After the Utah jazz center Rudy Gobert tested positive for the new coronavirus, the NBA became the first major North American sports league to suspend play.
A total of seven positive COVID-19 player-related tests have been reported since then, and what comes next is far from certain as the league tries to determine if, how and when play can resume.
“When people claim they can predict the future, they’re usually wrong,” said NBA commissioner Adam Silver during a interview with Rachel Nichols from ESPN. “I would say look no further than the fact that certainly two weeks ago, and even a week ago, people were saying things very different from what they are today.”
In an ever-changing landscape like this pandemic, all options on what could follow are being considered, according to Silver, including the long-term goal of resuming activities as usual, whether or not there is a safe way to resume play. without fans present, and even a unique game for charity – if sufficient measures could be put in place to ensure its safety.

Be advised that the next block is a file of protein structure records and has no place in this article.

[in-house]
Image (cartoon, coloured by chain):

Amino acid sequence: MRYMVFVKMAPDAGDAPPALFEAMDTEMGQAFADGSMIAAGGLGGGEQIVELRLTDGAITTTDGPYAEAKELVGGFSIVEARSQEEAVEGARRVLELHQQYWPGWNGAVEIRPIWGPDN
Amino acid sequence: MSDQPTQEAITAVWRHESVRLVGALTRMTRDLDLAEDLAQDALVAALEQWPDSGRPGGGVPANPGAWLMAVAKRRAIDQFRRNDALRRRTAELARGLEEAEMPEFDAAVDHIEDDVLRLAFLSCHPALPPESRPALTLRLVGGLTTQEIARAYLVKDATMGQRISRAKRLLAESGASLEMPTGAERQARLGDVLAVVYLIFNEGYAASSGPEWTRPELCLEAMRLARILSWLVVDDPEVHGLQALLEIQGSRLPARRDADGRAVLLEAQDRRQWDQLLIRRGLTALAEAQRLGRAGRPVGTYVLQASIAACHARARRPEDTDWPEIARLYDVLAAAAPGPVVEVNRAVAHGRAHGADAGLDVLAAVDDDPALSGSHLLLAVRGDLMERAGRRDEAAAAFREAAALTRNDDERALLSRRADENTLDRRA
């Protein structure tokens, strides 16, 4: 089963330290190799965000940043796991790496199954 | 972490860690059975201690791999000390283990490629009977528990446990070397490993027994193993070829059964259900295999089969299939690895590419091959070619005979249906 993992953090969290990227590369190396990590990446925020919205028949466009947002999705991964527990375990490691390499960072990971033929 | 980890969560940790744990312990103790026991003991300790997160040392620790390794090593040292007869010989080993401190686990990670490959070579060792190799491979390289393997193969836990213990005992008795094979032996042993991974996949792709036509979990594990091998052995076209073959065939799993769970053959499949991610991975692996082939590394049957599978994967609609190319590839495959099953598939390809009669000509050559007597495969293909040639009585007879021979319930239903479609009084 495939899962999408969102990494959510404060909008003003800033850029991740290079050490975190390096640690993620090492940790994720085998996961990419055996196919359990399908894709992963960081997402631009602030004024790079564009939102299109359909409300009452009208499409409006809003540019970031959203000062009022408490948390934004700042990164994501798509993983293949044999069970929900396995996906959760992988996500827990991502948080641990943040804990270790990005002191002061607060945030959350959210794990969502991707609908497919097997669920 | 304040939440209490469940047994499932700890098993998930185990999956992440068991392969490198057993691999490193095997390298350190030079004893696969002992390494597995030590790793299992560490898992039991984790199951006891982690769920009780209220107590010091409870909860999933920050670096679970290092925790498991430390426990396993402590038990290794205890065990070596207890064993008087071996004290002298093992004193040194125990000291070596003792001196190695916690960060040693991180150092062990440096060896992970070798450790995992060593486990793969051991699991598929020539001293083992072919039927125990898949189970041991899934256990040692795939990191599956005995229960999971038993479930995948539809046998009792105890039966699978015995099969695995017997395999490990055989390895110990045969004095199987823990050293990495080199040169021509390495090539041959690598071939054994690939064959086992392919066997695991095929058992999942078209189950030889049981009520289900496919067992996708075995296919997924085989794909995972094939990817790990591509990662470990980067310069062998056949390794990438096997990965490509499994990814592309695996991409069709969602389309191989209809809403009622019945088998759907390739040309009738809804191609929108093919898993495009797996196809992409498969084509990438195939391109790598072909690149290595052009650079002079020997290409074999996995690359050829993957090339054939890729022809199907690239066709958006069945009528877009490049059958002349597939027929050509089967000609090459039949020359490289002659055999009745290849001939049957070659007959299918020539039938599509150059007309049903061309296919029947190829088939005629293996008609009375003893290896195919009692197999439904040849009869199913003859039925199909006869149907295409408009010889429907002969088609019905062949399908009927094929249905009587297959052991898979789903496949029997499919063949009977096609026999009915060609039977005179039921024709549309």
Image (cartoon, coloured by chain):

“Are there conditions under which a group of players can compete,” said Silver. “Maybe it’s for a giant fundraiser, or just for the collective good of people, that you take a subset of players, and is there a protocol in which they can be tested and quarantined or somehow isolated, then they can compete with one another. “
Just because, again, people are stuck at home and I think they need a diversion, they have to be entertained. And just to add to that, one of the things I’ve heard from many of our teams – and something I’ve thought about a lot – is that we were the first to close our league, how can we be a forerunner to help restart the economy? “
For a single game or NBA action without supporters in the stands, Silver said the priority was the health and well-being of those involved and the community at large. Part of the greater welfare of the community, however, he said, is to recognize the place of the NBA – both financially and by filling the void left by the lack of live sporting events.
“Just in the case of the NBA, when you include our gaming workers day in our arenas, only the NBA represents 55,000 jobs,” said Silver. “So I think we all have to think collectively [about] what is the right balance, and I know of course it is the duty of government officials: when will it be ok to come back from home and say it is time to reconnect with each other . ”
“When I look at the options, maybe we can do it gradually. The first step is not to play with thousands of people in the arenas, but maybe these are just games. ”